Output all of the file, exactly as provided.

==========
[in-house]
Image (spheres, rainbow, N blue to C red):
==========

[in-house]
Image (spheres, rainbow, N blue to C red):